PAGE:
It gets worse on the mobile site. The bar isn’t touching any edges, floating instead. The ‘X’ button to close the menu is difficult to hit. There’s double-trouble with both a down arrow and + sign on nested windows, which is overkill and the cart icon is tiny.

Meanwhile, the organizational structure is nested into so many layers, individual website pages are impossible to find.

Paragraph text is too small, too close together, and tough to read. The products aren’t spaced out enough, either.

Site reviews are great, but placing them at the top of each product page is clutter. The chat function is nice but gets annoying quickly when it re-pings on every new website page visit. 

The contact page linked in the footer is entirely blank.

How We’d Fix It:

The natural start is with navigation. We can simplify it by removing the checkout options and the second cart, shift the account link to the search and cart icons, and make sure they all lineup.

The site could also benefit from better information architecture, made clear through breadcrumbs that never let you forget where you are. 

Part of the problematic website design is that there’s a separate cart page. The site could benefit from the more prominent use of the AJAX cart/cart drawer.

But that AJAX cart could use improvements in its own right. Remove the ‘view cart’ button, which seems redundant, and instead widen the checkout button to full width. It could also benefit from scaled-down product images.

The website homepage and its major landing pages could benefit from an announcement bar for things like quantity discounts, which also means we could remove that note from its current spot under each product.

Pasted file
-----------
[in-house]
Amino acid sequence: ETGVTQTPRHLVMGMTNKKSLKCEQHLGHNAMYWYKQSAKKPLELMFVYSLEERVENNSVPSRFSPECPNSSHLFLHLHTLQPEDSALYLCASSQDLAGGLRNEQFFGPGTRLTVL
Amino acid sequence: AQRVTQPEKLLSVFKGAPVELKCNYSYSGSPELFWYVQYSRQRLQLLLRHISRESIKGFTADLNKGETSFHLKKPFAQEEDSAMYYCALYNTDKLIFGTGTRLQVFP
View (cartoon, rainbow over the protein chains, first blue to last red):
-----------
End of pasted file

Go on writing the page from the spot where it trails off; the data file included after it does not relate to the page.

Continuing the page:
Consolidate the reviews to a single reviews page that integrates TrustPilot and Google and migrate the custom Blinkee information to the same site to keep the user experience consistent. 

Let’s also keep the item grids on the collection pages as consistent as possible and allow customers to make quantity changes in the cart itself. The button anchor link for product description on the product pages would be much better served as a dropdown or ‘learn more’ linked excerpt above the add to cart 

Please build a convincing and efficient contact page.

Lipton Tea

Source –

The perfect design example that a big brand doesn’t always get it right. 

The journey begins on the website homepage. There’s so much info stuffed into the hero section, it’s impossible to know where to look. At least the three values on the right might be better served underneath the hero.

The site as a whole seems to be centered on the main page. And yet, it randomly features 3 products without explaining why.

Meanwhile, the recipe banner is difficult to read and doesn’t include details like prep time.

To get to the actual recipe site, you need to use the navigation. But the links look unbalanced and the seventh section (Sustainability) only pops up occasionally.

Meanwhile, the hover states (absolutely vital to help users navigate) are all over the place. The navigation places underline on hover, buy buttons go lighter, recipe buttons underline again, and social links have a highlighted box.